Packing up a Wet Tent
When your tent gets wet, there are some tried-and-true strategies to make the most of it, and to speed up drying times.
- Take advantage of solar power. As mentioned above, if the sun is up when you wake, take your fly off right away and spread it in the sun. If there are no shrubberies or rocks available, spread it out wide on a patch of grass, and when that side is dry, flip it over onto a different patch of grass. With any luck, the surrounding area dried up a little while your fly was also drying, and the grass won’t re-wet your newly dry fly side.
Leave your tent intact for a few more minutes, if possible, while you make coffee and prepare for the day. Your tent body’s mesh walls will dry quicker with air moving through them, and the sun will quickly evaporate any remaining condensation.
- Use a pack towel. A lightweight, quick-dry pack towel is a lifesaver. If the sun isn’t working fast enough, use your towel (not a sock or a t-shirt) to swipe off the last few droplets. Your towel is designed to absorb water and then dry quickly if you hang it outside your pack, and using this approach sure beats hanging your tent off your pack instead! (That’s a joke, please don’t wear your tent as a cape.)
- Bring a trash bag or watertight roll-top bag. If you do have to pack your tent away wet, at least keep it fully separate from the dry stuff. Some folks also use a ziploc gallon bag for this purpose. Roll up tight to compress your tent, and make sure that any opening in the bag is facing up, not down, so that it doesn’t accidentally drain into your dry stuff.
- Dry-as-you-go. If the weather isn’t favorable when you break camp, keep your fly on the outside of your pack and wait until the weather clears up a bit later on. If it means you do fewer miles that day, it may be worth it to ensure your shelter is dry and tended to, especially if your sleeping bag or pad are also wet. Spread your tent and fly out on your lunch break, water break, or even let the weather dictate the break- if the sun is looking good now but clouds are expected for the rest of the day, just enjoy the respite and tend to your gear.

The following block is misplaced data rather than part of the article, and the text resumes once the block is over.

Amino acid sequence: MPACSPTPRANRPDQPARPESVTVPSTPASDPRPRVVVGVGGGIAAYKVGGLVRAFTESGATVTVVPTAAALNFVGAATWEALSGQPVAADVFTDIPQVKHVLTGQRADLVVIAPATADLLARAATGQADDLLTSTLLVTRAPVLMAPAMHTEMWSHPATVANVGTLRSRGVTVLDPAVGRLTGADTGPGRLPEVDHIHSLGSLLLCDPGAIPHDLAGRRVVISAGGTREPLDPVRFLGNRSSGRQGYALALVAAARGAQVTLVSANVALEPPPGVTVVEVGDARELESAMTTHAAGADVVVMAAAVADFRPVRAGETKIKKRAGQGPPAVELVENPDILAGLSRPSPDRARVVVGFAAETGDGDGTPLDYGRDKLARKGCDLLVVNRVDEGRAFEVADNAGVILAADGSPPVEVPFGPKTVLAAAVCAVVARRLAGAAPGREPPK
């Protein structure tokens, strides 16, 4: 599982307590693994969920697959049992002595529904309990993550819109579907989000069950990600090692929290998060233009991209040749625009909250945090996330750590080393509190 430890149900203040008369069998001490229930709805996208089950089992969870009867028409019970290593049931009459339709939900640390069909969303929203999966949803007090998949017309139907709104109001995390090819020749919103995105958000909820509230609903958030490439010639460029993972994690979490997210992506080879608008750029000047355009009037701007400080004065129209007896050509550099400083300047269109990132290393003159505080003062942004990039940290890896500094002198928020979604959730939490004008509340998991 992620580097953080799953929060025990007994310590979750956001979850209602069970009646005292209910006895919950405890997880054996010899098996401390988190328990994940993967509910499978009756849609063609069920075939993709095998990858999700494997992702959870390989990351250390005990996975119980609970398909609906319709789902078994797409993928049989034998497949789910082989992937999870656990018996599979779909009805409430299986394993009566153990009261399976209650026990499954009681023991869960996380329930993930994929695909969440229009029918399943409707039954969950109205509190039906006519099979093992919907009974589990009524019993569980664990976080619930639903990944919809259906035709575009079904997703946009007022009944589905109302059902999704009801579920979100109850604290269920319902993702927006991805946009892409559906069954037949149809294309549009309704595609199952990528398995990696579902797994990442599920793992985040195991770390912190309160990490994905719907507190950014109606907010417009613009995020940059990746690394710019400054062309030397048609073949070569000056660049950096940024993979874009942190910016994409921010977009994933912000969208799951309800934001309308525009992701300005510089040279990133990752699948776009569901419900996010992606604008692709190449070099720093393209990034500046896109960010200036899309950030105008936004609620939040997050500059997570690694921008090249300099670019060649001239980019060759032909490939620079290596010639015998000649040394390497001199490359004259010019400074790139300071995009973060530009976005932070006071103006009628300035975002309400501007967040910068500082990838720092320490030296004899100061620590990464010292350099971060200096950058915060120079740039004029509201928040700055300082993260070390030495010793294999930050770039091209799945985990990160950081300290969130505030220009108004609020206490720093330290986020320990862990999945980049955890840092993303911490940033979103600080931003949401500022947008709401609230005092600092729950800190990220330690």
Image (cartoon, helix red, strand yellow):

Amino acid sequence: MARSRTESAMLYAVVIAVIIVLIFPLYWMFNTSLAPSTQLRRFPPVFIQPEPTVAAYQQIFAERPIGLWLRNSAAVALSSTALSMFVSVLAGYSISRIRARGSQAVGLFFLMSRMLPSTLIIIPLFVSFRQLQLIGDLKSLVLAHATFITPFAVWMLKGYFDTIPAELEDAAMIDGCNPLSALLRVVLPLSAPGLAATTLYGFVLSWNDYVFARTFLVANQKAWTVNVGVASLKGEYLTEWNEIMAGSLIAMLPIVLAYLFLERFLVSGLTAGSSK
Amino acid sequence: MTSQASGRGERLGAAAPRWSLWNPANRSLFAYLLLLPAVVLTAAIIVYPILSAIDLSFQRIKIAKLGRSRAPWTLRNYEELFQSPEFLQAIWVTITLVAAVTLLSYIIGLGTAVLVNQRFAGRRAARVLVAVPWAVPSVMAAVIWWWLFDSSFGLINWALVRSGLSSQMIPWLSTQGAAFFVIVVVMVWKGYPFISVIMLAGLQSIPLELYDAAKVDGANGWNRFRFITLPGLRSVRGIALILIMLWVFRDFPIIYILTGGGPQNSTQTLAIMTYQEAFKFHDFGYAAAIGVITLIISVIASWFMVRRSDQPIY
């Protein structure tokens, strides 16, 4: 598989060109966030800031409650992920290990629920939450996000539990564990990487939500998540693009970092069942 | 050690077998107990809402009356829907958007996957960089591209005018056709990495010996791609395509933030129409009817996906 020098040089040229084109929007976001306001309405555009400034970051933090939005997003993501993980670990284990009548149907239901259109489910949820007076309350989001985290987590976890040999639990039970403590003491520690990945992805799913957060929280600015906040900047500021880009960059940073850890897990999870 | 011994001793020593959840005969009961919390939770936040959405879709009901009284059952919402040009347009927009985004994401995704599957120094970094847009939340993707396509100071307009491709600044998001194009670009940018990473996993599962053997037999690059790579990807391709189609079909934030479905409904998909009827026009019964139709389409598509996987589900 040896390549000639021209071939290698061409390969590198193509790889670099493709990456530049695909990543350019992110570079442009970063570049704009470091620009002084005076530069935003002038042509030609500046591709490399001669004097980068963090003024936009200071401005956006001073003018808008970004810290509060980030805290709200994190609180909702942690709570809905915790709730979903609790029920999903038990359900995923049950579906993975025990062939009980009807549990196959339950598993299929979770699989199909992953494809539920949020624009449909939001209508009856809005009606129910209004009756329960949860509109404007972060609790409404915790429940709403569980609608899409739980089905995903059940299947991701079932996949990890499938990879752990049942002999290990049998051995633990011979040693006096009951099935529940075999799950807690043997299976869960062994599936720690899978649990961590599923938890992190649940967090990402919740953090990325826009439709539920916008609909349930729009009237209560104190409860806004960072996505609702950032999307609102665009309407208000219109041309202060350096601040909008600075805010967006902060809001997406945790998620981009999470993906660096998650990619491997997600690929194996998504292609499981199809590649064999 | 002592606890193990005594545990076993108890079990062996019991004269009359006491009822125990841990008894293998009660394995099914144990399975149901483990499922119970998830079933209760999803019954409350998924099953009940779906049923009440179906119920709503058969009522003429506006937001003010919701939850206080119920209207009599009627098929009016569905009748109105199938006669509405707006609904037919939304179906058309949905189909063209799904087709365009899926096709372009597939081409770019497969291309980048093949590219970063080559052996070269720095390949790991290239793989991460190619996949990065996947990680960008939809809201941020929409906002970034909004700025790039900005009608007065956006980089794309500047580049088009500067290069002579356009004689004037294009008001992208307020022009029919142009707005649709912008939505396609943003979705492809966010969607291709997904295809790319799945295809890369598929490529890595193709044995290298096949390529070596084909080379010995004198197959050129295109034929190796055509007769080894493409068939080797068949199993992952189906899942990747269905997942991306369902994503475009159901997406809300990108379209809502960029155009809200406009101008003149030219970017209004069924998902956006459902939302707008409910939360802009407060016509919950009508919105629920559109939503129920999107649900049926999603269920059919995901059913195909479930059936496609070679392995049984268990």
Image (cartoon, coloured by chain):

- Be strategic with your breakdown. If it’s still misting or damp out when you begin to break down your camp, do as much as you can under the rain fly and poles first. Most backpacking tents can be separated from the pole and fly structure, so you should be able to pack up your pad, sleeping bag, and pack under cover first. When that stuff is tucked away into a more-dry section of your pack, then you can break down the fly and poles, and you thus have fewer wet things to fuss with.
- Even if you’re unable to dry out your tent that same day, do prioritize it. Backpacking tents are sturdy and designed for frequent use, but leaving them bunched up and wet can result in unsavory mold and mildew buildup or damage to the material.
- This may seem like common sense, but don’t throw your tent in the washing machine. If mold or mildew does occur, reach out to the manufacturer for cleaning advice before just using whatever is handy- your household cleaner of choice might contain an element that could degrade your tent’s material or weatherproofing, even if it’s marketed as eco-friendly. Eco-friendly and tent friendly are not necessarily the same thing!
- Don’t underestimate the power of a good wrist flick. If time is of the essence, grab a friend and shake your fly out a few times like you’re a child with a parachute. That will get off a lot of the droplets, and hey, it’s also fun.
By taking the time to set your tent up up properly, being thoughtful and selectively choosing naturally protected and unexposed campsites, your rainfly should really be the only piece of wet gear you ever need to deal with.Dare To Be A Wildflower is a participant in the Amazon Services LLC Associates Program, an affiliate advertising program designed to provide a means for sites to earn advertising fees by advertising and linking to amazon.com.